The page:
High Value Public Debt Causes Imbalance in Economy: CPD

Desk Report

Published: 09 May 2022, 07:22 pm

Representational Image: Collected

Representational Image: Collected

Though Bangladesh remains in a suitable position on public debt, it may be pushed to yellow rate after FY25 as spending of high value foreign debt increases at the nonproductive sector, a CPD study says.

Both public and private sector debt from external sources have increased in the recent past, which would create stress on forex reserves and widen the imbalance of trade, according to the study.

The Centre for Policy Dialogue (CPD), a think tank, presented the study in a programme titled ‘Deconstructing Public Debt of Bangladesh: Trends, Status and Outlook’ organised virtually on Monday.

Presenting the overall scenario of Bangladesh’s debt, CPD Distinguished Fellow Dr Debapriya Bhattacharya said the total national debt is increasing at a faster rate than gross domestic product (GDP).

He said the macroeconomy of the country will face pressure if the government does not take cautionary measures from now to spend debt money in the nonproductive sector.

If the current tendency of national debt continues, the economy will witness weakening of external balance, deteriorating current account and balance of payment, fall in external financial flows including export revenue, remittance income, FDI, income on assets overseas, he said.

As a result, the situation may arise as debt default, fall in economic growth, high inflation, foreign exchange reserve depletion, exchange rate depreciation, loss of economic competitiveness and lowering of credit rating, Dr Debapriya observed.

Replying to a query he said, if the GDP ratio of Bangladesh is not matching with other indicators of economy and different economic indicators are interrelated, while one of it is rising, the changes also affect other indicators.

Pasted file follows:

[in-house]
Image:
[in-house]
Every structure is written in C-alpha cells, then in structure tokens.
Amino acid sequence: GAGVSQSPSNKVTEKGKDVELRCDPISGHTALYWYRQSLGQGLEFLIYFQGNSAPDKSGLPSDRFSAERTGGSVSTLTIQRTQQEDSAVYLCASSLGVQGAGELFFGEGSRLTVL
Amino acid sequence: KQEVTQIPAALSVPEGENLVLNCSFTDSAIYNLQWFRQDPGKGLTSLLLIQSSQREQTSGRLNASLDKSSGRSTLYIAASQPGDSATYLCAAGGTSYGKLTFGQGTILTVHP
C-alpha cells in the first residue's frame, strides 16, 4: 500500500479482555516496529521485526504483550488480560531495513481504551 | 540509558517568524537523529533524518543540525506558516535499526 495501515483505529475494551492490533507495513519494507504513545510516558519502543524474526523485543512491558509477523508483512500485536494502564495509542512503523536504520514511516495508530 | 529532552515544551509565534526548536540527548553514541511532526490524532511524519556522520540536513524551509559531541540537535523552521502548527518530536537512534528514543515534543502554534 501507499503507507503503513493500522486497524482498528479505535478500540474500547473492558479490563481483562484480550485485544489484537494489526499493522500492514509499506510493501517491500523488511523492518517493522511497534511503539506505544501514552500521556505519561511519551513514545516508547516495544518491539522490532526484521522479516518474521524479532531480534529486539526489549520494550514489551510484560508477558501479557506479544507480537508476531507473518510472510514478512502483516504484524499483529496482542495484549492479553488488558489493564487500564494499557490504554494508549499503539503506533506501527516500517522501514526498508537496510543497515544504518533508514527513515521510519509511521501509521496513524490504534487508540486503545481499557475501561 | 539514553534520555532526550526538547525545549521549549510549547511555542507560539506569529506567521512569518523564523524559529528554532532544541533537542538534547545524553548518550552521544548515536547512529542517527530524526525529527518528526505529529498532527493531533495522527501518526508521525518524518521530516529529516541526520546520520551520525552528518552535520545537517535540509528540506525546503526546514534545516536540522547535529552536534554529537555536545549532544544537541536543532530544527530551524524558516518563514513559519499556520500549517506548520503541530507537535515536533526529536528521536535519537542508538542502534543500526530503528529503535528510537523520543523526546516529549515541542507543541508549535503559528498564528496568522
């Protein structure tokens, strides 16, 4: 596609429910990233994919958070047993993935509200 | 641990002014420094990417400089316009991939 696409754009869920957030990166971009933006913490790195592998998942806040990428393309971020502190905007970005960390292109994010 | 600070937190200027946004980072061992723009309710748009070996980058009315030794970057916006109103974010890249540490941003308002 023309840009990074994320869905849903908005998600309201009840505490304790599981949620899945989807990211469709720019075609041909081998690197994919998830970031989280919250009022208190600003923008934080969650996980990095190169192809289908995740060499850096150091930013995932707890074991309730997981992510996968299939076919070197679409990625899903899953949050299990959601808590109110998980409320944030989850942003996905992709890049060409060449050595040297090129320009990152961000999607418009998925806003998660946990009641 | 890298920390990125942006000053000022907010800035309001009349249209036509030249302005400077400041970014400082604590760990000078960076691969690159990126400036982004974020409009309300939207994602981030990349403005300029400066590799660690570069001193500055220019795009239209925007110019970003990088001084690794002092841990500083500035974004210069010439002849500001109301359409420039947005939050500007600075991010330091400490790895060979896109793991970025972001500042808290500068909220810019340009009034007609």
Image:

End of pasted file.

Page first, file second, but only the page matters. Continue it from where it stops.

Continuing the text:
He urged the government to continue the quarterly budget review and debt situation review so that parliamentary standing committee members can discuss the matter for national interest.

Debapriya also urged the government entities to be more friendly and transparent in releasing economic data and easy access to it for the researchers.

Bangladesh’s total public debt (as per cent of GDP), 34.7 per cent, was among the lowest in South Asia in FY20, with Sri Lanka (112.2 per cent) and Bhutan (120.7 per cent), being the highest, according to IMF.

The total outstanding debt amount in FY21 in Bangladesh was $131.14 billion. It increased by $16.45 billion on average for the past three years, which was about 2.5 per cent of GDP.

In FY21 only, total public debt increased more than $18.64 billion (additional 2.2 per cent of GDP), of which more than 54 per cent was domestic debt.

The total debt as percentage of GDP decreased in Bangladesh between FY08 (38.8 per cent) and FY17 (28.2 per cent). It has since increased between FY18 (29.5 per cent) and FY21 (36.9 per cent). The linear decadal growth rates were 44.1 per cent (FY02 to FY11) and 66.6 per cent (FY12 to FY21).

Per capita outstanding debt is $432 (FY21), the annual increase of outstanding debt (FY20 to FY21) – $9.62 billion and annual increase in DSL – (FY20 to FY21) – $0.7 billion.

Total outstanding external private debt amount in Bangladesh was $18.69 billion in FY21, the share of external private debt in total debt increased between FY03 (3.9 per cent) and 2021 (14.5 per cent).

Source: UNB

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